I don’t remember how it came up, exactly, but I was talking to a friend about either wasps of Hanomags – sometimes it’s hard to differentiate the two – and I remembered this incredible chance chromatic event I once experienced. I was at the Lane Motor Museum, driving their Hanomag 2/10 “Kommisbrot” for a story and video for The Old Site, when I happened to notice this little wasp that landed on the engine lid of the car. Incredibly, the color scheme of that wasp exactly matched the Hanomag. Like, it matched perfectly, as though someone had that wasp in a jar when they bought this car in 1925 and took it to the paint shop and said, “make it look like this,” then handed over a jarred wasp.
It’s a fantastic paint scheme for wasp and car alike, I think, rich and deep caramel browns, working well with the warm wood of the wheels and the other bits of wood. If you’re in the market for a car or wasp, I can’t recommend it enough.
The wasp itself I finally identified, too: it’s a Ropalidia romandi, but to friends it goes by yellow brown paper wasp, and it makes nests that look kind of like lumpy paper bags.
If you’re wondering if the queen has larger metasoma, then yes, good eye! The queen certainly has larger metasoma than the workers! Oh, and these fellas can sting multiple times without dying!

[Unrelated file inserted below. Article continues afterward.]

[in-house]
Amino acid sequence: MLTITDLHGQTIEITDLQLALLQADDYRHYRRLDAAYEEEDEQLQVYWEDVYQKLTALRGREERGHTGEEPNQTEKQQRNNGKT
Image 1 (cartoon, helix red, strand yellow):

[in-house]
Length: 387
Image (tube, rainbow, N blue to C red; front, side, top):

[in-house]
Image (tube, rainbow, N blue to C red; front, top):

As far as the car goes, the Hanomag 2/10 Kommissbrot is a favorite of mine. It’s one of the first cars with “envelope” styling – the fenders integrated into the overall body design, not separate – and was a really clever little economy car with a rear 500cc single-cylinder engine, built between 1924 and 1928. In fact, between the World Wars, it was likely the most fuel-efficient mass-produced car you could get!
The little Kommissbrot (that nickname refers to a small loaf of bread fed to German soldiers) was usually a roadster, but had one of the boxiest hardtops ever built, literally almost a cube that you’d plop on top of the otherwise rounded car. I think they look weirdly appealing with that boxy top; Beau has one in his collection, so maybe we can get it running and do a big video about it at some point soon.